China Daily (“XINJIANG SET TO BEEF UP POLICE FORCES”, Urumqi, 2010/02/04) reported that the government has approved a plan to recruit 5,000 special police officers in the Xinjiang Uygur autonomous region to help prevent unrests such as the devastating riot on July 5 last year. The new recruits will be civil servants under the Xinjiang regional public security bureau and their area of operations will cover the entire region. It will be the largest recruitment campaign of its kind in Xinjiang and all new recruits, said Zhu Changjie, director of the regional public security bureau. “We expect them to be on patrol independently at the end of March,” Zhu said.
Agence France-Presse (said it will press on with a crackdown on separatism in the western region of Xinjiang in a battle that could last years, state media reported Friday., “CHINA SAYS TROUBLED XINJIANG FACES LONG CLAMPDOWN”, Beijing, 2010/02/05) reported that the Xinhua news agency reported Friday that Jerla Isamudinhe, mayor of Urumqi , said the PRC will press on with a crackdown on separatism in Xinjiang. “Urumqi faces an arduous fight against separatism now and for years to come after last year’s riots ,” he was quoted as saying Thursday in a report to the city’s municipal congress. “We should be vigilant and high-handed in our fight against terrorism, separatism, and extremism. We should stop all sabotage activities and attempts beforehand,” he said.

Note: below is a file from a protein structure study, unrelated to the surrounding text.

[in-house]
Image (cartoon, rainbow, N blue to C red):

19. PRC Urban-Rural Disparity